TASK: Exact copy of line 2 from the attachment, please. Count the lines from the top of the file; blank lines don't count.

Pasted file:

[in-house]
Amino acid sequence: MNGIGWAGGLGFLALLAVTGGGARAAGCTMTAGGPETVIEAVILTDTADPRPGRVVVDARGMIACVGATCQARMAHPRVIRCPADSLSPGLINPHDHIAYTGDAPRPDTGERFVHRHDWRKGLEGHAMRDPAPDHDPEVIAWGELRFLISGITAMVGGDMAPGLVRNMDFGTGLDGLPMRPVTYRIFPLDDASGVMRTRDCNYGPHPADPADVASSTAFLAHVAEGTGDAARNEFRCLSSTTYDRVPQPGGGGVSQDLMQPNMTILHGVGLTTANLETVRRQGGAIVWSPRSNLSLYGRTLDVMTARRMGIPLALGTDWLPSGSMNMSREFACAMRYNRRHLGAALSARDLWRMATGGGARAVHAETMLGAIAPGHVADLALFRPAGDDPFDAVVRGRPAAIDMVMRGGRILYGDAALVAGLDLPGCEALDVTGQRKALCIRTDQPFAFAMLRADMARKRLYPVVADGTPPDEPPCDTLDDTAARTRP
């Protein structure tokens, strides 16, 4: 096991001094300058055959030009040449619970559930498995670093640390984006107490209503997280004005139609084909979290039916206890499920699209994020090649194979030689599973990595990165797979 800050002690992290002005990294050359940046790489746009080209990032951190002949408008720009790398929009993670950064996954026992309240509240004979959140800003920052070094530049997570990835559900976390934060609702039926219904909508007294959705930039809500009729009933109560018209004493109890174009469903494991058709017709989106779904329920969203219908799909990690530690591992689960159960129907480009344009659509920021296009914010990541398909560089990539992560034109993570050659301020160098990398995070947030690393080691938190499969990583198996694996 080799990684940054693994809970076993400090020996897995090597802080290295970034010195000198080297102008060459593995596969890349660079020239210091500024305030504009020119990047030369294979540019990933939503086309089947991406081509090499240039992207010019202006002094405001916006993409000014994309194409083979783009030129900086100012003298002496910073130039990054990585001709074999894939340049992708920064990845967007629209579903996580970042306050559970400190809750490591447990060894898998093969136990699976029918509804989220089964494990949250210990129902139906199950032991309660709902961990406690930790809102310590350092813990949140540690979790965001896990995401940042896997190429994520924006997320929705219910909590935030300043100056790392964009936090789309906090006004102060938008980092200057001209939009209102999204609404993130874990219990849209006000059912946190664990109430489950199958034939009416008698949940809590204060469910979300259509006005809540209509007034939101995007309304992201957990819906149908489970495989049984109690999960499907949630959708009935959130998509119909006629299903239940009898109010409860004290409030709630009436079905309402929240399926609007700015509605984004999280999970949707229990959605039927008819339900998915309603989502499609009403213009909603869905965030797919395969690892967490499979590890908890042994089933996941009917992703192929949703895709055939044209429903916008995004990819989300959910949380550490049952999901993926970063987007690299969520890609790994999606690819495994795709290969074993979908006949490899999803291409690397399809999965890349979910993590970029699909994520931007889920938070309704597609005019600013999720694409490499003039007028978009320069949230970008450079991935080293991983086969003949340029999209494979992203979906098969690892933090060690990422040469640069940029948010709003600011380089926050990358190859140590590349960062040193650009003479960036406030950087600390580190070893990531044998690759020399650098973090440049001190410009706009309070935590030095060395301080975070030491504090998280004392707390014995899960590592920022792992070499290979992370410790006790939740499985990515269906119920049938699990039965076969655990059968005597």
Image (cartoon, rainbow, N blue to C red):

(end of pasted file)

Amino acid sequence: MNGIGWAGGLGFLALLAVTGGGARAAGCTMTAGGPETVIEAVILTDTADPRPGRVVVDARGMIACVGATCQARMAHPRVIRCPADSLSPGLINPHDHIAYTGDAPRPDTGERFVHRHDWRKGLEGHAMRDPAPDHDPEVIAWGELRFLISGITAMVGGDMAPGLVRNMDFGTGLDGLPMRPVTYRIFPLDDASGVMRTRDCNYGPHPADPADVASSTAFLAHVAEGTGDAARNEFRCLSSTTYDRVPQPGGGGVSQDLMQPNMTILHGVGLTTANLETVRRQGGAIVWSPRSNLSLYGRTLDVMTARRMGIPLALGTDWLPSGSMNMSREFACAMRYNRRHLGAALSARDLWRMATGGGARAVHAETMLGAIAPGHVADLALFRPAGDDPFDAVVRGRPAAIDMVMRGGRILYGDAALVAGLDLPGCEALDVTGQRKALCIRTDQPFAFAMLRADMARKRLYPVVADGTPPDEPPCDTLDDTAARTRP